March 11, 2022 Nick Ciolino
President Joe Biden has announced the latest round of sanctions imposed by the United States and its allies against Russia in response to the now weeks-long Russian military campaign in Ukraine.
In an address Friday, Biden said he will sign bipartisan legislation that will revoke Russia’s permanent normal trade relations (PNTR) status with the United States, making it more difficult for Russia to do business with the West.
Biden says the move to end normal trade relations with Russia was done in coordination with Canada, France, Germany, Italy, Japan, the United Kingdom, and the European Union.
“[Russian President Vladimir] Putin must pay the price,” Biden said. “He cannot pursue a war that threatens the very foundations of international peace and stability, and then ask for financial help from the international community.”
Biden also says the United States is banning Russian imports of goods such as seafood, vodka, and diamonds. It’s also banning the export of luxury goods into Russia and increasing the list of Russian individuals to be sanctioned.
Biden touted the effectiveness of the sanctions, noting the decreased value of the Ruble, the Russian stock market continuing to remain closed, and assets being seized from Russian oligarchs.
Following Biden’s announcement, House Speaker Nancy Pelosi put out a statement saying the House is already ready with legislation to revoke PNTR from Russia, building on the Russian oil ban passed Wednesday.
“When the House returns next week, we will take up legislation to formalize this revocation, and it is our hope that it will receive a strong, bipartisan vote,” Pelosi’s statement reads. “Putin’s premeditated, unprovoked war is an attack on the Ukrainian people and an attack on democracy.”
Russian airstrikes intensified Friday in western Ukraine as satellite footage suggested Moscow’s forces outside Kyiv had regrouped after remaining more than a week outside the city.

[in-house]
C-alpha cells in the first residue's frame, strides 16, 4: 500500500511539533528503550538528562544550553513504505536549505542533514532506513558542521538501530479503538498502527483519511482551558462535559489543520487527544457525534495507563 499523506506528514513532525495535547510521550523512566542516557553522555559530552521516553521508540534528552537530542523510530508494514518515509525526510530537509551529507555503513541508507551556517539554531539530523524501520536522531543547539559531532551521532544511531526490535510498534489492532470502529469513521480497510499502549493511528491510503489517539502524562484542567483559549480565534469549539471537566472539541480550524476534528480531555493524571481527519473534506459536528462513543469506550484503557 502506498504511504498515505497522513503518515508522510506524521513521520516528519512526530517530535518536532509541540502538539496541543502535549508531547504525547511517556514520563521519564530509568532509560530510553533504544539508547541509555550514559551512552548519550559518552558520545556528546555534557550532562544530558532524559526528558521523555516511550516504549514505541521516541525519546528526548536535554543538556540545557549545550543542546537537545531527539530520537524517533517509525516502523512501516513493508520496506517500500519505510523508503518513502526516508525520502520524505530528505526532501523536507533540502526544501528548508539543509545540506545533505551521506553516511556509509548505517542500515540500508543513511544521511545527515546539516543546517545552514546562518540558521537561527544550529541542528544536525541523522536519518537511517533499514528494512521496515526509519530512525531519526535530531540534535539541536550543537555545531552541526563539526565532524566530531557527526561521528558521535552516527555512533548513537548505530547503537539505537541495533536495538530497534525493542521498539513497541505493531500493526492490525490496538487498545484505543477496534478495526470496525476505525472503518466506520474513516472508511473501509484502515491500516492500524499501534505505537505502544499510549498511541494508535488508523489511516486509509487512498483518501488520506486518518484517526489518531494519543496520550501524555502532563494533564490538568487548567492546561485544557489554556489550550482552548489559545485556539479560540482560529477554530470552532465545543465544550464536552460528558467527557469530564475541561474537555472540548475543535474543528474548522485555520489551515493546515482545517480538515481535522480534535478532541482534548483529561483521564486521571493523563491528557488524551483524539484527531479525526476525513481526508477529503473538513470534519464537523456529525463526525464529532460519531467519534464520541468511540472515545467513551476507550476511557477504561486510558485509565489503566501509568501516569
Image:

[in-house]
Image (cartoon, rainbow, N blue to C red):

Leaders from around the world have endorsed a United Nations probe into war crimes allegations against Russia following reports of civilians being bombed, including a maternity hospital earlier this week.
Undersecretary of State Victoria Nuland stated before a Senate hearing this week that “biological research facilities” have been operating in Ukraine. This came alongside a statement from the Russian Ministry of Defense accusing Ukraine of having destroyed pathogens being studied at a lab in Ukraine that the ministry says is funded by the U.S. Department of Defense.
Prompted by a reporter on Friday, Biden said that while he wouldn’t discuss intelligence, Putin would “pay a severe price if he used chemical weapons.”
Biden and other administration officials have said repeatedly that they do not want to escalate the conflict in Ukraine into a war between the United States and Russia and that the United States does not intend to send troops to fight in Ukraine.
The United States has upped its direct assistance to Ukraine over the past two weeks by $107 million and Congress passed a spending plan that included $13.6 billion in aid to the country. The United States also continues to send military and humanitarian aid to Ukraine, as the conflict has created about 2 million Ukrainian refugees.